Vekhi -- also known under the English title Landmarks or Signposts -- is a collection of essays first published in Moscow in 1909. Writing from various points of view, the authors reflect the experience of Russia's failed 1905 revolution-a failure to be blamed not only on the repressive forces of the autocracy but also on the intellectual bankruptcy of the intelligentsia and the Russian nation's inability to use freedom constructively. They saw as their task the construction of the moral, religious, philosophical under- pinnings of a new, liberal order in Russia.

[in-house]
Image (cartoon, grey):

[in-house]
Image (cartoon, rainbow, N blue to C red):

Condemned by Lenin, rediscovered by dissidents, and widely circulated in post-Soviet Russia today, the Vekhi essays have tremendous resonance. This new edition of Shatz and Zimmerman's highly praised translation will afford invaluable insights to anyone who wants to grasp the terms of discussion in the postrevolutionary Russia of today.